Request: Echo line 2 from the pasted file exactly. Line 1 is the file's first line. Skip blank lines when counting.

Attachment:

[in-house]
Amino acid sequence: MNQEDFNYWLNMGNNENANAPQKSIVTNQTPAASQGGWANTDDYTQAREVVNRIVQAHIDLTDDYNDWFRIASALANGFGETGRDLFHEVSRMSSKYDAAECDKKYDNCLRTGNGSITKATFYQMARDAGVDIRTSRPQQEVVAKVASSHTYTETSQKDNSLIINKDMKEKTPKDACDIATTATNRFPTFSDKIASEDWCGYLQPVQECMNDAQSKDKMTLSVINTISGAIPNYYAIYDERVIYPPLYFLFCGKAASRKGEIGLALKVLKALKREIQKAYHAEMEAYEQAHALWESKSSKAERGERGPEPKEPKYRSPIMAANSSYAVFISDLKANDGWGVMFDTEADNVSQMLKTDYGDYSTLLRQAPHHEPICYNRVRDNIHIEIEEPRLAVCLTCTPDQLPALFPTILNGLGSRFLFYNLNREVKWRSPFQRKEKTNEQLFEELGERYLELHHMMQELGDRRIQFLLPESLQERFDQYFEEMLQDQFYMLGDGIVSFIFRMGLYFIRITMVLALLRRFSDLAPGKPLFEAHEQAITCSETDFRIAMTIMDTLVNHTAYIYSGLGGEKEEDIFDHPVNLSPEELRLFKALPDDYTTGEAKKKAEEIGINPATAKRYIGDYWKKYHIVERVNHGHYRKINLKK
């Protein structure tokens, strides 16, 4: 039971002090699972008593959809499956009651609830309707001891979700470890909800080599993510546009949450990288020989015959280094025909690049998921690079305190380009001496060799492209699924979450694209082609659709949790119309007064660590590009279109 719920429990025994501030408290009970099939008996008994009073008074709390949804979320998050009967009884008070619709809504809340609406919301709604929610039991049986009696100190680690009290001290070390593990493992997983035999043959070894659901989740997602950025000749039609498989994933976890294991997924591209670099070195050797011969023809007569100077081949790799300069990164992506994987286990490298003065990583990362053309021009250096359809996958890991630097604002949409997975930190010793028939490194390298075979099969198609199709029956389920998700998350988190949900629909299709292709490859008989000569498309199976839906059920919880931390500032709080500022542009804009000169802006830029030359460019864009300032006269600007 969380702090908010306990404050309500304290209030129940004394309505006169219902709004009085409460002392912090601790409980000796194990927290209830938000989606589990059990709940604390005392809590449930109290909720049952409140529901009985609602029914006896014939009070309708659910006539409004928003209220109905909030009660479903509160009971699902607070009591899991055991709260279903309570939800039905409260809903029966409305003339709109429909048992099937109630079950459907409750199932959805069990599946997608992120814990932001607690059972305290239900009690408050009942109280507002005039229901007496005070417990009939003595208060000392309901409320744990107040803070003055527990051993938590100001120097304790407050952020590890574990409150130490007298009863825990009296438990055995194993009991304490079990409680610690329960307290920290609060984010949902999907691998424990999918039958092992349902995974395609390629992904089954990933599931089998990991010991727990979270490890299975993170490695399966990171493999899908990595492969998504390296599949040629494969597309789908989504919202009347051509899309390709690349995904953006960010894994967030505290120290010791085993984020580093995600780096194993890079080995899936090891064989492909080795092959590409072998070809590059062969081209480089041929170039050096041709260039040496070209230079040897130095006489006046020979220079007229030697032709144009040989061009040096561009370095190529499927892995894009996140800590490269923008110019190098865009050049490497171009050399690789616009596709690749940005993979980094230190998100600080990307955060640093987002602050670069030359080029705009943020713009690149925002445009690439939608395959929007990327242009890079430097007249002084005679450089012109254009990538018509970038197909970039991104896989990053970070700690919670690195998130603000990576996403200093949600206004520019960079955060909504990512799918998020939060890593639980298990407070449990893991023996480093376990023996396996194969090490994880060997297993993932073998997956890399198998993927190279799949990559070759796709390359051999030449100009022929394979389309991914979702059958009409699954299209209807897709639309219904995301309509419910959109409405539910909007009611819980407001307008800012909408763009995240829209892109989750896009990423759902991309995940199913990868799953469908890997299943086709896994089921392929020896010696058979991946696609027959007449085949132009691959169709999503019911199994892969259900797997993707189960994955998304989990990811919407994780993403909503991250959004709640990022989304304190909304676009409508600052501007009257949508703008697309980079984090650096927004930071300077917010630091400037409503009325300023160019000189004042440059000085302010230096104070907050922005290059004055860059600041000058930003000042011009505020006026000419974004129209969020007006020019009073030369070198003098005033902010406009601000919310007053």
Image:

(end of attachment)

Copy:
Amino acid sequence: MNQEDFNYWLNMGNNENANAPQKSIVTNQTPAASQGGWANTDDYTQAREVVNRIVQAHIDLTDDYNDWFRIASALANGFGETGRDLFHEVSRMSSKYDAAECDKKYDNCLRTGNGSITKATFYQMARDAGVDIRTSRPQQEVVAKVASSHTYTETSQKDNSLIINKDMKEKTPKDACDIATTATNRFPTFSDKIASEDWCGYLQPVQECMNDAQSKDKMTLSVINTISGAIPNYYAIYDERVIYPPLYFLFCGKAASRKGEIGLALKVLKALKREIQKAYHAEMEAYEQAHALWESKSSKAERGERGPEPKEPKYRSPIMAANSSYAVFISDLKANDGWGVMFDTEADNVSQMLKTDYGDYSTLLRQAPHHEPICYNRVRDNIHIEIEEPRLAVCLTCTPDQLPALFPTILNGLGSRFLFYNLNREVKWRSPFQRKEKTNEQLFEELGERYLELHHMMQELGDRRIQFLLPESLQERFDQYFEEMLQDQFYMLGDGIVSFIFRMGLYFIRITMVLALLRRFSDLAPGKPLFEAHEQAITCSETDFRIAMTIMDTLVNHTAYIYSGLGGEKEEDIFDHPVNLSPEELRLFKALPDDYTTGEAKKKAEEIGINPATAKRYIGDYWKKYHIVERVNHGHYRKINLKK